Review of Tony Fels’ Switching Sides: How a Generation of Historians Lost Sympathy for the Victims of the Salem Witch Hunt. (Baltimore, MD: Johns Hopkins Press, 2018)

Research output: Contribution to specialist publicationBook/Film/Article review

Abstract

Throughout Switching Sides Fels liberally accuses the scholars whose work he analyzes of implicit biases, but seems remarkably unaware of his own. Over the course of the book he reveals tendencies to favor especially the men accused, particularly John Proctor, and passionately defend elites, such as government officials, against implications of incompetence, corruption, or malicious intent. He also has a soft spot for Rebecca Nurse, as an illustrative example of the socially vulnerable victim. These personal sympathies suggest that his introduction to the history of Salem through the affective narrative reflected in The Crucible may be continuing to influence his response to subsequent scholarship that involves different perspectives.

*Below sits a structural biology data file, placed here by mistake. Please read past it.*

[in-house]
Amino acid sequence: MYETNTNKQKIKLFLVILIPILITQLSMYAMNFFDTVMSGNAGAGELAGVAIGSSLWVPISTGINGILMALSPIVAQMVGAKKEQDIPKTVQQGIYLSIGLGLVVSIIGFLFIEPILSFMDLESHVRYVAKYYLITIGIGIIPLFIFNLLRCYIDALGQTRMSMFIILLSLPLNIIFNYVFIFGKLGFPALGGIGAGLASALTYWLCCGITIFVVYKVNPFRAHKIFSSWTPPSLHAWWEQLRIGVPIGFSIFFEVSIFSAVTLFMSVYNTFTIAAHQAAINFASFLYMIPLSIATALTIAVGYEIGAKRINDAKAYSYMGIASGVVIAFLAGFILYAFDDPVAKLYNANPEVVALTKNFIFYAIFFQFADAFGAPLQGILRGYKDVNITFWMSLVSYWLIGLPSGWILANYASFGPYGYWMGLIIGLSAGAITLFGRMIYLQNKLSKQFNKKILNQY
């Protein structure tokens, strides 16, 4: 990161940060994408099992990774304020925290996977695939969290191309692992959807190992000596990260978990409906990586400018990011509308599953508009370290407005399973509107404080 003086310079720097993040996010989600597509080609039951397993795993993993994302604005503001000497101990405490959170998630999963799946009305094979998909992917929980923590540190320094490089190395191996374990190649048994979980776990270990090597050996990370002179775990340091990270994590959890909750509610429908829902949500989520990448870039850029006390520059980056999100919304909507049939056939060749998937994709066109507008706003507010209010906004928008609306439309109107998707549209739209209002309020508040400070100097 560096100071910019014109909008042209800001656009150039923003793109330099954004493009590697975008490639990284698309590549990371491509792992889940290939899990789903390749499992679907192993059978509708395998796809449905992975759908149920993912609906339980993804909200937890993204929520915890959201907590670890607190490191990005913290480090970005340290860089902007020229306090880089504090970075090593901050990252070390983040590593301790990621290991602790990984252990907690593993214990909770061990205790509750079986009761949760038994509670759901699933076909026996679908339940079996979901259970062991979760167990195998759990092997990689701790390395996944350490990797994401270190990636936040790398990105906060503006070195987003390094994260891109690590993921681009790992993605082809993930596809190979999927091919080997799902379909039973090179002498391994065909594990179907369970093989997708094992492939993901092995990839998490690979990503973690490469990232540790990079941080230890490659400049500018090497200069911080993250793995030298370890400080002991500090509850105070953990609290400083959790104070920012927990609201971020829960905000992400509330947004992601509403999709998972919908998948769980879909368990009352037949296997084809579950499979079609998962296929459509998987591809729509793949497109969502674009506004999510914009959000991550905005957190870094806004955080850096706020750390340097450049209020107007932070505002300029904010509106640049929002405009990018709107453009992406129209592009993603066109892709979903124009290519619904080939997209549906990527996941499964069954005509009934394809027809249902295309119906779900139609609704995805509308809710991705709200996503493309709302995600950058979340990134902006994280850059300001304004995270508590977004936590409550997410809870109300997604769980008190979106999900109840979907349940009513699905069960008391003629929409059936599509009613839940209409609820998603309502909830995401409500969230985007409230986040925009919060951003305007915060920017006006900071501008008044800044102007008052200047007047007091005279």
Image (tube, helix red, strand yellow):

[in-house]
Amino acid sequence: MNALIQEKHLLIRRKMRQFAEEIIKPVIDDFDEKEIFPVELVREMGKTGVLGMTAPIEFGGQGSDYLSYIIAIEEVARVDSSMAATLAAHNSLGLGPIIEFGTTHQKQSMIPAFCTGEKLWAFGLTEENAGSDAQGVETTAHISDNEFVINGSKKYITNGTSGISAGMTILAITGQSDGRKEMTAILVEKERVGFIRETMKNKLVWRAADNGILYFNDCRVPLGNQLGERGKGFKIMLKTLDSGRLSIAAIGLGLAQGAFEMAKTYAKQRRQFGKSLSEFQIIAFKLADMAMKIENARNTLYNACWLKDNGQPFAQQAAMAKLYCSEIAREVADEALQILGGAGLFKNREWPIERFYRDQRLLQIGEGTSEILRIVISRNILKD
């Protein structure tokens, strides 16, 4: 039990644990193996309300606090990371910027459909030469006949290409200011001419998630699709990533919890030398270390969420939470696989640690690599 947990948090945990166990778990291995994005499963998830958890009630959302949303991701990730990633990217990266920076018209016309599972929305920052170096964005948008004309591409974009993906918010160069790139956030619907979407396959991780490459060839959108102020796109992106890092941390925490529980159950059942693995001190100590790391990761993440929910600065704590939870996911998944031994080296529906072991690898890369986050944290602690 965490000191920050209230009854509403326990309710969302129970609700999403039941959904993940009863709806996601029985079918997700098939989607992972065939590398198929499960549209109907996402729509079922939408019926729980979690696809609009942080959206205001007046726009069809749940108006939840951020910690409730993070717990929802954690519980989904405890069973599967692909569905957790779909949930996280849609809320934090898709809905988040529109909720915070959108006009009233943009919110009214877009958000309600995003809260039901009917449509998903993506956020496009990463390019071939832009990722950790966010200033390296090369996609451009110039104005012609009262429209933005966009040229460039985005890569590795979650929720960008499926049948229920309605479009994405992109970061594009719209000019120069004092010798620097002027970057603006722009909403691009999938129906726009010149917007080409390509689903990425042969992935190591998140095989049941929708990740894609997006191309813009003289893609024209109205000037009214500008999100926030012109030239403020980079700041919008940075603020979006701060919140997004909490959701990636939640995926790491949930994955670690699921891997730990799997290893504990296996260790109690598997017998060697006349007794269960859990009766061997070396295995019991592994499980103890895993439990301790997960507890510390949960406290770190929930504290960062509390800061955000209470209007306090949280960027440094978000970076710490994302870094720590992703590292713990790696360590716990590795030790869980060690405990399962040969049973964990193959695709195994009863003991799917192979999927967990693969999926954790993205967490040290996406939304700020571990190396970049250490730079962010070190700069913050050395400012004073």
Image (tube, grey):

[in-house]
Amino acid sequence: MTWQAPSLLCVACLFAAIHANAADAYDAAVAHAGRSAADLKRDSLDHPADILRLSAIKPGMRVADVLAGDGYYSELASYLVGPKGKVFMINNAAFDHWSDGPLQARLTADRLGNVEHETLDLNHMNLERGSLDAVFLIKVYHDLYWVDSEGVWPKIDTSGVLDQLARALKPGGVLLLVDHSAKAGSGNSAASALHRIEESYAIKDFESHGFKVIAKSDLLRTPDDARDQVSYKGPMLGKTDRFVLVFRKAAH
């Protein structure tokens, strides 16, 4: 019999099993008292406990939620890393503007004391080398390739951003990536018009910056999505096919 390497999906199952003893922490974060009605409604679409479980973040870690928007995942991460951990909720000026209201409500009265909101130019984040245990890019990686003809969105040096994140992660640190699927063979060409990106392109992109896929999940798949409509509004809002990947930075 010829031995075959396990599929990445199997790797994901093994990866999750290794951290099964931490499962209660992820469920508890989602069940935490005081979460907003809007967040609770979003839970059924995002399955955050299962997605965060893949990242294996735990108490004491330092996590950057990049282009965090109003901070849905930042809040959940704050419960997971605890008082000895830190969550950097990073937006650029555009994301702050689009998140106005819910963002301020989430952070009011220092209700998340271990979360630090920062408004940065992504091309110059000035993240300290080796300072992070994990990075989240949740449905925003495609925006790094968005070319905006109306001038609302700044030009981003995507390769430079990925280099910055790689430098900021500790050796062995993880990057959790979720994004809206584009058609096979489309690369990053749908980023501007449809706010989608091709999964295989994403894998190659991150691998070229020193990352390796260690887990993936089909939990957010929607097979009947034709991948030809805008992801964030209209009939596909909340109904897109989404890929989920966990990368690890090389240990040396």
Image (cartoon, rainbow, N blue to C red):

Original languageEnglish
Specialist publicationReading Religion: A Publication of the American Academy of Religion
StatePublished - Jan 31 2019

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